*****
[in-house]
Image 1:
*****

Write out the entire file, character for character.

[in-house]
Image 1: